- New Horizons in Environmental Economics series
Edited by Albert Breton, Giorgio Brosio, Silvana Dalmazzone and Giovanna Garrone
Chapter 13: The Danish Communes: Capacities and Constraints in Environmental Management
13. The Danish communes: Capacities and constraints in environmental management Mikael Skou Andersen No ‘Invisible Hand’ can be relied on to produce a good arrangement of the whole from a combination of separate treatment of the parts. It is, therefore, necessary that an authority of wider reach should intervene and should tackle the collective problems of beauty, of air and of light, as those other collective problems of gas and water have been solved. (Pigou, 1932: 195) 1. INTRODUCTION Local authorities still play a signiﬁcant role in the implementation of national environmental policies when looking at the situation in terms of local environmental administrative tasks and resources. Basic services with regard to pollution control (wastewater treatment, waste management, nature protection) administered locally in the majority of EU countries account for 80–90 per cent of total public expenditure directed at environmental policy. Eﬀorts to integrate environmental policy into other policy sectors have, moreover, led to further local authority involvement. For example, the restructuring of EU agricultural policy has been increasingly based on local area planning and has, thereby, been placed within the realm of local and regional authorities. Having acknowledged this fundamental role, a tendency in favour of new types of management instruments exploiting channels other than those of local authorities is to be observed over the past decade. These comprise market-based instruments, such as environmental taxes, voluntary agreements, producer responsibility schemes, environmental certiﬁcation, environmental auditing and environmental impact assessment (EIA). These new management instruments have been...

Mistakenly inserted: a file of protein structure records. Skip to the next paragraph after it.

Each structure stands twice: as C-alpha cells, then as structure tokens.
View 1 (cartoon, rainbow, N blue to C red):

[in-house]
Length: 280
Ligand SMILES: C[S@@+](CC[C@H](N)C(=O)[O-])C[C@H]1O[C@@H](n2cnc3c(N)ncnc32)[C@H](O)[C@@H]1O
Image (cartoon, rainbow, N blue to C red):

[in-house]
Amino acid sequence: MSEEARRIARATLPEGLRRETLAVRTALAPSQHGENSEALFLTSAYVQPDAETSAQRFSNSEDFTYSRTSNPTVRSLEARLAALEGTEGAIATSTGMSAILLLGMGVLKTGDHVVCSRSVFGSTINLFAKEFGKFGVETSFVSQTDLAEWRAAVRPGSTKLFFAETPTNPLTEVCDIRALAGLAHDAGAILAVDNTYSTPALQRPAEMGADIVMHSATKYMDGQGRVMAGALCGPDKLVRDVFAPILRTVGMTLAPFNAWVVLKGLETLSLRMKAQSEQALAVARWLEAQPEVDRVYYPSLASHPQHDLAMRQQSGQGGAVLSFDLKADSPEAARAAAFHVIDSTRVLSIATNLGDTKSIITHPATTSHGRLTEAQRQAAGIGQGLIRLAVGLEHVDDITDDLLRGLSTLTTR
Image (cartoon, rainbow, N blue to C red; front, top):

You are not authenticated to view the full text of this chapter or article.
Elgaronline requires a subscription or purchase to access the full text of books or journals. Please login through your library system or with your personal username and password on the homepage.
Non-subscribers can freely search the site, view abstracts/ extracts and download selected front matter and introductory chapters for personal use.
Your library may not have purchased all subject areas. If you are authenticated and think you should have access to this title, please contact your librarian.